"Our set list looks like an essay of some sort," Pearson says with a laugh. "There's quite a bit of text on it."

Grandiloquence aside, Pearson is emphatic that the band's songs are more than just short bursts of screamed nonsense. He feels the group's sound cannot be confined to terse buzzwords created by pundits.

"I don't consider our band a screamo band," offers Pearson. "As far as pop culture goes, people have been screaming way before the U.K. -- or whoever -- coined that shitty term. What about Antioch Arrow? They happened ten years before the Blood Brothers. They sound a lot alike, and nobody was calling them screamo back then. They were just a punk band. Angel Hair, too. That culture existed, but no one marketed to it.

"I don't want it to be marketable to the masses," he continues. "Anytime culture is created, some fuck will take it and market it -- and pretty much rape it. Or murder it. They'll destroy it. But we're trying to destroy the ideas of how people think music should be. Like 4/4 time, chords, verses, lyrics and just songwriting in general."

The group may not be interested in marketing to the lowest common dominator, but it's also not above selling novelty items in the name of gas money either, which is an entirely different proposition altogether. The Locust feels no shame in offering a proud selection of questionable merchandise -- including soap, belt buckles and makeup compacts that can double as coke mirrors (as some of the band's detractors have claimed) -- to an unwitting public.

"To be any kind of performer, you definitely have to have a sense of humor," Pearson says. "I think a lot of people miss our humor. They just become violent. It's too bad, but that's people's outlet. They're all dealing with their personal issues, you know."

Pearson speaks from experience. In junior high, he had to find an outlet to deal with his own personal issues.

"First of all, I grew up in a really shitty, white-trash neighborhood, and I had some issues with my dad," Pearson says. "He was abusive to my mom. They were both alcoholics. And he ended up getting murdered when I was twelve.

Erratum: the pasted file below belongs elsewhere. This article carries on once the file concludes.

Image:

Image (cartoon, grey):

"He was in an argument with some people at a bar and got kicked out," Pearson continues. "The guys who were trying to start some shit with him followed him back to our house and beat him up in our driveway -- on Halloween, actually. It was kind of a weird time. But that's how things went."

As a way of coping with his own anger and trauma, Pearson turned to the aggressive sounds of the Sex Pistols and formed a punk band called Struggle. Then in 1995, from the remnants of the Struggle and Swing Kids, the Locust unleashed its unique crop-damaging sound upon San Diego. Members of various other local outfits -- Tristeza, Tarantula Hawk, the Crimson Curse and Cattle Decapitation -- have all been part of the band's lineup at one time or another ever since. The list of vinyl-only releases from those days includes a five-inch picture disc, a split ten-inch with Man is the Bastard and a Queen tribute album titled Dynamite With a Laser Beam, on which the Locust covered "Flash's Theme." In 1999 the noise supremacists soon enraged their diehard fan base by releasing an EP of collaborations with Kid 606 and I Am Spoonbender.

"I'm surprised we've made it this far, honestly," says Pearson, speaking as much about his band as the planet at large. "I really don't know. It seems like it's just getting more fucked up as we go on: war, terrorism, the media. Maybe something will click and force a revolution on the pigs of the world."

Pearson hopes the music of the Locust, which he views as an honest reaction to cultural and societal oppression, will spark such an uprising.

"I think the main political thing for our band is the way we live and the way we function," Pearson says. "We don't play Clear Channel shows. We only play all-ages venues. We try to keep the door price relatively cheap. Those things are all very political. The way you live your life is the first step to changing the world."  

Pearson also takes the one-sided, musical-tastemaking journalists to task.

"I doubt that these people could do what we do," says Pearson referring to what he describes as "some asshole that sits in an office in New York and writes for all these pseudo, pretentious magazines.

"It's not easy," he continues. "There's no catchy, sing-along riffs. If they're gonna write a review and say we're noise and screaming and don't make sense -- and that it doesn't take talent -- maybe those journalists have no talent, you know what I mean?"

Touché, dude.